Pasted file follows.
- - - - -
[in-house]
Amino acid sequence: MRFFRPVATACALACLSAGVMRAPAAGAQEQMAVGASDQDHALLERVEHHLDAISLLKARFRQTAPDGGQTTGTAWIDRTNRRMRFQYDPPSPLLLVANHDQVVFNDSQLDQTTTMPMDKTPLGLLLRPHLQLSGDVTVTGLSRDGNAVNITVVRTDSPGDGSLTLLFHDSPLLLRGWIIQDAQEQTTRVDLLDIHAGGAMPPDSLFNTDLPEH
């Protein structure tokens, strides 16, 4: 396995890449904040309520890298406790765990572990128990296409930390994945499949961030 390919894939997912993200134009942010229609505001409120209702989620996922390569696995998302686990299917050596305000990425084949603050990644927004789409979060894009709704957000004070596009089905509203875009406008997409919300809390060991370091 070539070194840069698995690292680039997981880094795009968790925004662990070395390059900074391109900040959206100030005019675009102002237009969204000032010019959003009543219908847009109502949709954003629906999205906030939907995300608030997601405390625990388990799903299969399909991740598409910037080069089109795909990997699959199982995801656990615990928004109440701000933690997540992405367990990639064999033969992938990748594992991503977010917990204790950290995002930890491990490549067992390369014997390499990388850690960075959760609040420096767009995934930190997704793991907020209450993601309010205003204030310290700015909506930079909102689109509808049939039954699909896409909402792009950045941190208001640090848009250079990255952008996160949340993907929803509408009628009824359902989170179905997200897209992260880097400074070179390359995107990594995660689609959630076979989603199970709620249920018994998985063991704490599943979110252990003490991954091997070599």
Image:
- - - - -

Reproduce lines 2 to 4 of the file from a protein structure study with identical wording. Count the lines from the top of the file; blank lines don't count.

Amino acid sequence: MRFFRPVATACALACLSAGVMRAPAAGAQEQMAVGASDQDHALLERVEHHLDAISLLKARFRQTAPDGGQTTGTAWIDRTNRRMRFQYDPPSPLLLVANHDQVVFNDSQLDQTTTMPMDKTPLGLLLRPHLQLSGDVTVTGLSRDGNAVNITVVRTDSPGDGSLTLLFHDSPLLLRGWIIQDAQEQTTRVDLLDIHAGGAMPPDSLFNTDLPEH
């Protein structure tokens, strides 16, 4: 396995890449904040309520890298406790765990572990128990296409930390994945499949961030 390919894939997912993200134009942010229609505001409120209702989620996922390569696995998302686990299917050596305000990425084949603050990644927004789409979060894009709704957000004070596009089905509203875009406008997409919300809390060991370091 070539070194840069698995690292680039997981880094795009968790925004662990070395390059900074391109900040959206100030005019675009102002237009969204000032010019959003009543219908847009109502949709954003629906999205906030939907995300608030997601405390625990388990799903299969399909991740598409910037080069089109795909990997699959199982995801656990615990928004109440701000933690997540992405367990990639064999033969992938990748594992991503977010917990204790950290995002930890491990490549067992390369014997390499990388850690960075959760609040420096767009995934930190997704793991907020209450993601309010205003204030310290700015909506930079909102689109509808049939039954699909896409909402792009950045941190208001640090848009250079990255952008996160949340993907929803509408009628009824359902989170179905997200897209992260880097400074070179390359995107990594995660689609959630076979989603199970709620249920018994998985063991704490599943979110252990003490991954091997070599």
Image: